It’s the perennial question, worded in different guises.
What do you do?
What do you want to be when you grow up?
Our society is obsessed with labelling everyone and this is often by the job they do. We make judgements about a person’s ‘success’ and this is too often measured by what we think they earn and how ‘professional’ they are.
More important and more honest, in my opinion, is to ask ‘how do you want to live your life?’ ‘what is important to you in your life?’
At the age of 16/18 an average young person has experienced family, school, an activity or two and perhaps a part time job but so often we expect them to pluck a career idea from their existing knowledge or an idea that someone else has planted.
Generally in life we are happiest when we are occupied with something that interests us. We feel more motivated, more inspired and more willing to work hard. We can only discover these interests if we keep our eyes and ears open to the world and engage in as many opportunities as possible.
If you or a young person you know is saying ‘I have no idea what I want to do!’ or ‘but I don’t really do anything’ then here are a few strategies to help.
Make a mind map with an interest or two as the centre points. The ‘interests’ can be absolutely anything (it doesn’t matter if they seem shallow). Think of things you like or are fascinated by or enjoy doing. Now consider how and where these activities can be performed, what they link to etc.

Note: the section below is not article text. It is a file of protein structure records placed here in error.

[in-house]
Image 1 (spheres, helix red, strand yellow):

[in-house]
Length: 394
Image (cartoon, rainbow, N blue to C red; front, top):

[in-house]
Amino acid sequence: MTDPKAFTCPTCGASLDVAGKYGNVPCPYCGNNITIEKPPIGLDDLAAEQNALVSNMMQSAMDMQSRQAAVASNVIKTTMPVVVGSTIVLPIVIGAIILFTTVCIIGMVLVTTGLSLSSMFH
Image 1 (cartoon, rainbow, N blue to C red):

You might end up with something like this:
clothes and fashion –> styling – TV and film – costume design – wardrobe supervisor
clothes and fashion –> shops – business/retail – international – languages
clothes and fashion –> history – galleries/museums/heritage – conservation
I sometimes suggest that the sixth formers I work with read a broadsheet weekend newspaper cover to cover and then think about what has grabbed them/intrigued them/made them angry etc. It may sound a bit 20th century but they will come across ideas and viewpoints which may open the mind – the environment, health, education, sport, politics, entertainment, charity, design…
Many young people no longer watch TV but making a conscious choice to select a programme can also be really enlightening and can be very inspiring.
Whatever your age, consider what you react to and what you hear about which makes you think – ‘that sounds amazing’. It’s a good starting point!